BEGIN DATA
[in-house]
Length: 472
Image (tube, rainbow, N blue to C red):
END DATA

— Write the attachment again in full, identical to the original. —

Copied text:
[in-house]
Length: 472
Image (tube, rainbow, N blue to C red):